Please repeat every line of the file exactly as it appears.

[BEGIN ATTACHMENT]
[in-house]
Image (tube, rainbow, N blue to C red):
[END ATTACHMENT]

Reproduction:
[in-house]
Image (tube, rainbow, N blue to C red):